Like hundreds of thousands of other advertisers, many law firms contract with Yahoo and Google to serve up small text ads to anyone searching the Web using certain words, such as “Vioxx” or “mesothelioma,” a rare form of asbestos-linked cancer. The firms, which have affiliates throughout the country, pay the search companies a fee each time someone clicks on one of their ads. Amid heated bidding with other advertisers, primarily personal-injury law firms, for “mesothelioma,” some firms paid around $100 a click last year.

The search-ad market is estimated at around $4 billion in the U.S. in 2004, and the vast majority of Google’s revenue comes from search and similar keyword-triggered Web-site ads. But there is increasing evidence that some people are clicking on such ads either to run up fees for competitors, to boost the placement of their own ads or to make money for themselves.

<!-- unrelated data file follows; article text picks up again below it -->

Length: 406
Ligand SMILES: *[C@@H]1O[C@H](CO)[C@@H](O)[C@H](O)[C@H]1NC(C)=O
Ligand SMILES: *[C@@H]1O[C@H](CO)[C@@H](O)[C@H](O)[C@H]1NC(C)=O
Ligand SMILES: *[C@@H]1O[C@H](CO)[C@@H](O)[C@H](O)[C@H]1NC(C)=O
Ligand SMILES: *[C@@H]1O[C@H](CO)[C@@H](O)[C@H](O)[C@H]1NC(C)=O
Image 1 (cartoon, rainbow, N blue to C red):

The Web-search companies concede that click fraud is an issue but decline to quantify its scope; some outside estimates run as high as 20% of all clicks. Many companies complain that Google, Yahoo and other search engines are vague about how they are tackling the problem, unresponsive to questions about suspect clicks and ineffective when advertisers point out possible abuses.

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